Asthma in Cats and Dogs
Just like humans, dogs and cats can both be susceptible to asthma, although statistically asthma affects cats much more often than dogs. And just like in humans, a pet’s asthma will be aggravated by allergens or irritants found in the animal’s environment. In fact, the incidence of asthma in pets is growing due to an increase in exposure to environmental pollutants.
Usually it’s hard to determine exactly which allergens cause asthma in individual animals, but common triggers include dust, grass and tree pollens, car exhaust and other air pollution, mold and mildew, cigarette or fireplace smoke, various household sprays and chemical solutions (hair sprays, deodorants, flea sprays, room deodorizers and cleaners, fragrances), and in the case of indoor cats, dust from cat litter. Even food allergies, exercise and heat/cold susceptibility can be possible factors. An excellent resource for learning more about possible triggers for your pet’s asthma or bronchial condition is: www.felineasthma.org.
Difficult as it may be to pinpoint the exact triggers, it’s well worth trying to find the culprits, because a marked improvement in the animal’s overall wellbeing can often be achieved just by eliminating its exposure to the offending irritants. While this step is no substitute for necessary medications, it can go a long way toward lessening both the severity and the frequency of your pet’s asthma attacks.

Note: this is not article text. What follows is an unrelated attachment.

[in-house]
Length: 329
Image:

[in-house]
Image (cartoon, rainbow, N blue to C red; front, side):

Pets of any age can get asthma. The primary sign is coughing, which cat owners and even vets sometimes misdiagnose as attempts to cough up hairballs. In mildly affected animals, coughing and wheezing may occur only occasionally. Sometimes pets with asthma are asymptomatic in between acute bouts of airway constriction; however, most severely affected animals experience daily coughing and wheezing, as well as regular severe bouts of airway constriction. These bouts can lead to open-mouth breathing and panting that can be life threatening in its most extreme forms.
The symptoms of asthma can mimic other diseases, such as heartworm, pneumonia and congestive heart failure. An accurate diagnosis can be reached with the help of chest x-rays, a complete blood count, a heartworm test, and a sampling of cells from the lower airways. It’s important to run these multiple tests, because chest x-rays may appear to be normal in some animals with asthma, while others will show clear signs of bronchial distress. If the chest x-ray shows no obvious symptoms, these further tests should rule out any of the other conditions listed above.
Once a diagnosis has been made, treatment often consists of steroids, antihistamines, bronchodilators, antibiotics or a combination of these drugs. In severe attacks, oxygen therapy may be necessary.
The prognosis for control of this disease is excellent, with most pets living happy and normal lives with the help of life-long medication; asthma in pets, however, is rarely curable. Your veterinarian can help to determine the treatment options best suited to your pet.
Although medications can greatly reduce the symptoms of asthma, they may not be able to fully eliminate the coughing. In recent years, vets have found that the most effective therapy for feline asthma may be to use inhalers similar to the type that human asthmatics use. A relatively new mask and spacer system called AeroKat®, enables cats to use inhalers or puffers. This system is similar to the mask and spacer system used to treat babies and small children. An inhaler made by the same company, AeroDawg®, is used to treat asthma and chronic bronchitis in dogs.
Alternative treatments that have sometimes shown success are acupuncture and homeopathic remedy. To find a veterinary acupuncturist near you, go to www.ivas.org. Homeopathic remedies for cats and dogs should only be used for mild respiratory symptoms, and only with veterinary supervision, to avoid the possibility of drug interactions. Go to www.onlynaturalpet.comand search “asthma” to find asthma-related products.
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